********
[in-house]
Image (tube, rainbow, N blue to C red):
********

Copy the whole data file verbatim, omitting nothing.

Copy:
[in-house]
Image (tube, rainbow, N blue to C red):